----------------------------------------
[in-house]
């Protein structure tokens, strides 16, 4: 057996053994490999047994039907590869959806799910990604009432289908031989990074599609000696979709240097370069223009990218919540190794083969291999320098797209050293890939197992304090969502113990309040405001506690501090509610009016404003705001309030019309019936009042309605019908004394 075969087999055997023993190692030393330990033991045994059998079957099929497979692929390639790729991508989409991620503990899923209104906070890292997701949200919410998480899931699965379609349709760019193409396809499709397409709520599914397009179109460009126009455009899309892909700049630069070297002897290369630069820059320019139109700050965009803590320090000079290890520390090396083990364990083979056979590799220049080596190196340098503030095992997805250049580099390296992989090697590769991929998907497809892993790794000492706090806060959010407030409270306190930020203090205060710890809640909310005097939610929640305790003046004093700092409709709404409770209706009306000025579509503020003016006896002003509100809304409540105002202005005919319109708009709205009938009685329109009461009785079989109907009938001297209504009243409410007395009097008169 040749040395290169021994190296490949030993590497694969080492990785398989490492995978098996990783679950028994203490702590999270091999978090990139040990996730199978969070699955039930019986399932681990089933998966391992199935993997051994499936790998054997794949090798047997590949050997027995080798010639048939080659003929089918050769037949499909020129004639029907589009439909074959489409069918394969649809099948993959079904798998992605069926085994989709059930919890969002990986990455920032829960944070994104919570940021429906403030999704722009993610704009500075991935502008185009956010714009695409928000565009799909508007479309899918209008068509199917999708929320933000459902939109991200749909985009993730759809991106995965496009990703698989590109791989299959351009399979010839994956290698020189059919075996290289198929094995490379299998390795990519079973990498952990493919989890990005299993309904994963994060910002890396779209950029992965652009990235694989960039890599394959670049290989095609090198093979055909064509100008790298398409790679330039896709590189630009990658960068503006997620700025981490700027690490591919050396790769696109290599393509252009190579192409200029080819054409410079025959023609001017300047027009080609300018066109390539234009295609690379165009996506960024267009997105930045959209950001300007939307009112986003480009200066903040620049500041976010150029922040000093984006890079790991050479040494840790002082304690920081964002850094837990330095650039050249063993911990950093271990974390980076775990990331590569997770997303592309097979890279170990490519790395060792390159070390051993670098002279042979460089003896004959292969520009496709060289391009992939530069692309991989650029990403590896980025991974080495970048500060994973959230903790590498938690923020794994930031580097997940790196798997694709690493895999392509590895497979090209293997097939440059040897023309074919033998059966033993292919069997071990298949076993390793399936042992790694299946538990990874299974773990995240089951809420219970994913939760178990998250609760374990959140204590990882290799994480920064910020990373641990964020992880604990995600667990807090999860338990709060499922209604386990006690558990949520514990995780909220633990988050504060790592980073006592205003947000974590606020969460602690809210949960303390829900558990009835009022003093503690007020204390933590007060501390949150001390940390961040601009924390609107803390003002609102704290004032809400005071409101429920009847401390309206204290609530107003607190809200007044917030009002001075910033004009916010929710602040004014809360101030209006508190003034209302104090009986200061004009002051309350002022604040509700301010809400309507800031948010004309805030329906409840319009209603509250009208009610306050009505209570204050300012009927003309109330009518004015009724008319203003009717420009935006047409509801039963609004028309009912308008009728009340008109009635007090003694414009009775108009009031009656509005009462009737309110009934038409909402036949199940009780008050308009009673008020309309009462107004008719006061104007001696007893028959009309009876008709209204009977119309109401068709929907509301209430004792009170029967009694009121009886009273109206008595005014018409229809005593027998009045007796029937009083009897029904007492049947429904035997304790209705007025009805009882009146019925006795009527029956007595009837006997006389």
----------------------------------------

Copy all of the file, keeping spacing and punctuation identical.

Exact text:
[in-house]
């Protein structure tokens, strides 16, 4: 057996053994490999047994039907590869959806799910990604009432289908031989990074599609000696979709240097370069223009990218919540190794083969291999320098797209050293890939197992304090969502113990309040405001506690501090509610009016404003705001309030019309019936009042309605019908004394 075969087999055997023993190692030393330990033991045994059998079957099929497979692929390639790729991508989409991620503990899923209104906070890292997701949200919410998480899931699965379609349709760019193409396809499709397409709520599914397009179109460009126009455009899309892909700049630069070297002897290369630069820059320019139109700050965009803590320090000079290890520390090396083990364990083979056979590799220049080596190196340098503030095992997805250049580099390296992989090697590769991929998907497809892993790794000492706090806060959010407030409270306190930020203090205060710890809640909310005097939610929640305790003046004093700092409709709404409770209706009306000025579509503020003016006896002003509100809304409540105002202005005919319109708009709205009938009685329109009461009785079989109907009938001297209504009243409410007395009097008169 040749040395290169021994190296490949030993590497694969080492990785398989490492995978098996990783679950028994203490702590999270091999978090990139040990996730199978969070699955039930019986399932681990089933998966391992199935993997051994499936790998054997794949090798047997590949050997027995080798010639048939080659003929089918050769037949499909020129004639029907589009439909074959489409069918394969649809099948993959079904798998992605069926085994989709059930919890969002990986990455920032829960944070994104919570940021429906403030999704722009993610704009500075991935502008185009956010714009695409928000565009799909508007479309899918209008068509199917999708929320933000459902939109991200749909985009993730759809991106995965496009990703698989590109791989299959351009399979010839994956290698020189059919075996290289198929094995490379299998390795990519079973990498952990493919989890990005299993309904994963994060910002890396779209950029992965652009990235694989960039890599394959670049290989095609090198093979055909064509100008790298398409790679330039896709590189630009990658960068503006997620700025981490700027690490591919050396790769696109290599393509252009190579192409200029080819054409410079025959023609001017300047027009080609300018066109390539234009295609690379165009996506960024267009997105930045959209950001300007939307009112986003480009200066903040620049500041976010150029922040000093984006890079790991050479040494840790002082304690920081964002850094837990330095650039050249063993911990950093271990974390980076775990990331590569997770997303592309097979890279170990490519790395060792390159070390051993670098002279042979460089003896004959292969520009496709060289391009992939530069692309991989650029990403590896980025991974080495970048500060994973959230903790590498938690923020794994930031580097997940790196798997694709690493895999392509590895497979090209293997097939440059040897023309074919033998059966033993292919069997071990298949076993390793399936042992790694299946538990990874299974773990995240089951809420219970994913939760178990998250609760374990959140204590990882290799994480920064910020990373641990964020992880604990995600667990807090999860338990709060499922209604386990006690558990949520514990995780909220633990988050504060790592980073006592205003947000974590606020969460602690809210949960303390829900558990009835009022003093503690007020204390933590007060501390949150001390940390961040601009924390609107803390003002609102704290004032809400005071409101429920009847401390309206204290609530107003607190809200007044917030009002001075910033004009916010929710602040004014809360101030209006508190003034209302104090009986200061004009002051309350002022604040509700301010809400309507800031948010004309805030329906409840319009209603509250009208009610306050009505209570204050300012009927003309109330009518004015009724008319203003009717420009935006047409509801039963609004028309009912308008009728009340008109009635007090003694414009009775108009009031009656509005009462009737309110009934038409909402036949199940009780008050308009009673008020309309009462107004008719006061104007001696007893028959009309009876008709209204009977119309109401068709929907509301209430004792009170029967009694009121009886009273109206008595005014018409229809005593027998009045007796029937009083009897029904007492049947429904035997304790209705007025009805009882009146019925006795009527029956007595009837006997006389």